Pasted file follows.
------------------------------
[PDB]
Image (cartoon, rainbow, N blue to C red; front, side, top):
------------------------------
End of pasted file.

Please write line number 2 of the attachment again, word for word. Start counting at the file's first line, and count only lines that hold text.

Image (cartoon, rainbow, N blue to C red; front, side, top):